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Alice Capsey suffers broken collarbone in fielding accident

Heavy fall in outfield in Antigua causes early end to tour of Caribbean

Alice Capsey opened the batting in an ODI for the first time, West Indies vs England, 1st women's ODI, North Sound, December 4, 2022

Alice Capsey opened the batting in an ODI for the first time  •  CWI Media

England Women have suffered a major injury setback at the start of their tour of the Caribbean, with Alice Capsey sustaining a broken collarbone after landing heavily in the field during the first ODI in Antigua on Sunday.
Capsey, 18, had been promoted to open the batting for the first time, making 17 from 13 balls, but is set to fly home from the UK and is now a serious doubt for the rest of England's winter engagements, including the T20 World Cup in South Africa in February.
"Alice Capsey sustained an injury on the field during the first ODI against West Indies Women," read an ECB statement. "Upon further examination, she has broken her left collar bone and will be unavailable for the remainder of the tour. Capsey will now return home to the UK."
The injury occurred as Capsey dived at fine leg to intercept a top-edged hook during England's 142-run win the first ODI. She was in obvious pain as she remained on the ground for several minutes to receive treatment, but was eventually able to walk from the field before being taken to hospital for further treatment.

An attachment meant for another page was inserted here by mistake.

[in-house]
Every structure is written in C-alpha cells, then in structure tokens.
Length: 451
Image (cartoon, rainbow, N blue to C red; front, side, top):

It's a major setback both for Capsey personally, but also for England, who had hoped to bed her into her new top-order role, alongside Sophia Dunkley, as part of a new more attacking outlook under the incoming head coach Jon Lewis.
Capsey was awarded her first ECB central contract in November, and had just returned from her maiden stint with Melbourne Stars in the Women's Big Bash.
Nat Sciver, the senior allrounder who made her comeback from a three-month mental health break to be named Player of the Match for her decisive innings of 90 off 96 balls, said she and the team were "gutted" for Capsey.
"When anyone goes down on the pitch you're not really sure what's happened and it's a weird thing to stand as a group on the pitch and feel sorry for your team-mate, feel sorry for your friend," Sciver said.
"We found out this morning that she's going home, so just really, really gutted for her. She'll be back, she'll be back firing, I'm sure.
"It's a broken collarbone and I don't know how long that means the recovery time is. She'll be as gutted as anyone really to be missing out on this trip and I don't know what that means for the new year."